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#1 Posted : Tuesday, November 8, 2011 9:52:06 AM(UTC)

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Joined: 1/4/2011(UTC)
Posts: 11

The other day my wife told me the dryer didnt' appear to be working right - wasn't heating up. After some research, I figured out that the thermal circuit fuse that is mounted to the upper portion of the heater box was no good. Testing continuity across the legs on this component showed an open circuit (full resistance). After replacing (can't purchase separately btw - comes paired with the t-stat mounted to the lower portion of the heater box), the dryer worked again. I watched as the heater element coils lit up and glowed. I also cleared whatever obstruction I could re; vent system since I'd heard this is usually the culprit of an overheat condition with dryers.

Confident that I had fixed the problem, I put everything back together. However, the fuse didn't last through a complete dry cycle. Cold again with damp clothes (no drying) :-( That was yesterday.

Trying to wrap my arms around how everything works and how the vent system is crucial to proper operation that prevents overheating. What puzzles me is, if I temporarily jump the wires that are connected to this (now) bad fuse, the heat elements glow (normal since that's what is supposed to happen). After the dryer reaches what I perceive to be operating temperature, the t-stat trips and the elements shut off. That said, now the dryer starts drawing cooler air through which should, for all intents and purposes, cool the dryer. Why would it matter if there is a restriction in the venting system if the coils on the heating element are turning on and off with the t-stat? And why or how, if that is the case, would the therm. switch keep blowing?

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#2 Posted : Tuesday, November 8, 2011 6:17:59 PM(UTC)

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Here are your parts
Replacement parts for WHIRLPOOL LE5720XSW0 Residential Dryer |

See the attachment for a wiring diagram. I could not find a XSW0 so diagram is for a XSW1 which should be close it not the same.

[COLOR="DarkRed"] And why or how, if that is the case, would the therm. switch keep blowing?[/COLOR]
The cycling thermostat is on the blower assembly and you are blowing the thermal cutout on the heater assembly basically you are measuring the temperature in a different temperature zone so that can cause problems. As an example lets say room air is being sucked into the air flow path before the cycling thermostat, it sees a cooler temperature so turns off when the heater is hotter than it should be. Plus there are other possibilities.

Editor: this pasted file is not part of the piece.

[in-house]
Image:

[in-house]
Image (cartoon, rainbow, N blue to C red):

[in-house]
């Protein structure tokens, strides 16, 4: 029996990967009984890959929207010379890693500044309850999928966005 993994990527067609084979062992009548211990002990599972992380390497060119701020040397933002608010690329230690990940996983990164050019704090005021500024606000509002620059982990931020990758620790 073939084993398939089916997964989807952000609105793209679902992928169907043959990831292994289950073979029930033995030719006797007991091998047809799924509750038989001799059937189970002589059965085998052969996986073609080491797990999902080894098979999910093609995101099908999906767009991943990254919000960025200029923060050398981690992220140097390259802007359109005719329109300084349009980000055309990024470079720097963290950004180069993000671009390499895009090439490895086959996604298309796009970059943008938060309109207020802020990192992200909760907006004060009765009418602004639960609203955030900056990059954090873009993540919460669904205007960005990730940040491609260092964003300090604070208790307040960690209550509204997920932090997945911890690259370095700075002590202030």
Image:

[COLOR="DarkRed"]Why would it matter if there is a restriction in the venting system if the coils on the heating element are turning on and off with the t-stat?[/COLOR]
It all depends when they turn on/off. Also usually it is the thermal fuse that blows when there is a vent restriction.

Check the heating coil.
Unplug the unit and both wires to the coil.
Check it with a meter, should be around 10 to 12 ohms.
Then check from each side of the coil to the case/frame, both should be infinite ohms (open). If not the coil may have sagged or broken and is touching the case. This can cause it to run on high and the thermostats cannot regulate it so the thermal cut-off blows.
In your case it could be that it has failed in such a way that the thermostat can control it but it is putting out too much heat on a short piece of the element and pooping the ther,mal cutout.

The hi-limit should have regulated the temperature so the fuse did not blow, that is why there is a new one with the thermal cut-off..
Note: That unless there is another problem in the unit the hi-limit should never have to open. It is just a safety device with the fuse being a backup safety device.

Just in case it is not a grounded element.
With all the below the high limit will also have to be replaced.
Check that the belt is OK.
Check the seals (drum etc) in the unit. The air is pulled over the heating coils, through the drum and pushed out the exhaust. So any large seal leak will pull in room air and the cycling thermostat on the blower will run the unit hot.
Check that the lint filter is not coated with fabric softener residue which greatly reduces air flow.
Check/clean your vent system.
Check/clean the blower wheel.

If all OK you may want to replace the cycling thermostat as it's contacts may not be opening at the correct temperature.
File Attachment(s):
LE5720.pdf (31kb) downloaded 25 time(s).

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#3 Posted : Thursday, November 10, 2011 7:27:14 AM(UTC)

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Thanks, denman.

After tearing down the vent system and cleaning out thoroughly - lint chute, blower motor, vent hose leading out the side of the house, checked lint screen, and the bulkhead opening that feeds to the lint chute (can be seen from inside the drum through door on the upper right of the bulkhead), I replaced the fuse again and it seemed to do the trick.

Heating elements turn on and off with the t-stat as expected and the dryer doesn't seem to overheat any more.

Looks like a good fix. Thanks again.
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